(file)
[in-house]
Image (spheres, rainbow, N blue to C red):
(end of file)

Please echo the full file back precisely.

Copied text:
[in-house]
Image (spheres, rainbow, N blue to C red):